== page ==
When living in cities (which a majority of humans now are, for a majority of our time), we aren’t linked as closely to circadian rhythm cues. For parts of last year and this, I was spent time living well outside the city in the Mata Atlantica. I not only felt my own being tuned more closely to the daily cycle of sunrise and fall, but I also witnessed the other plants and animals do the same. Birds and monkeys and all manner of animals make noises daily during what is often called the dawn and dusk chorus. In fact, I recently learned that oceanographers have found that even fish are noisiest at dawn and dusk (it takes special microphones to hear it, though, which is why we didn’t know before). I enjoy thinking of it as an ongoing daily song that all living beings are participating in together. Perhaps I, as a human, need to connect consciously, and because as I am not living indigenously, I seem to forget.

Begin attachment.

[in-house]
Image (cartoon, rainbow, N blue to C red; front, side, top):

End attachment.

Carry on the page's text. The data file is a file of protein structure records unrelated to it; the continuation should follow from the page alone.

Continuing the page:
This topic of consciously connecting to the environment reminds me of an ever-diminishing attention span attributed to the twenty-first Century. You have even discussed climate change as “something happening on a scale that is not at a human attention span” and has produced work about that difference in time experience. Can you talk about this gap?
That is an interesting question. Weather changes within the human attention span. and climate is a slower, intergenerational process. However, this is all changing. With our near exponentially accelerating storm patterns, rainfall changes, and ever hotter summers, we are beginning to see climate change within our attention span. But as for perceptual gaps, I think it is closely related to the importance of visualizing the invisible. How can and how does visualization help us to comprehend our world? These are important questions for me in the studio.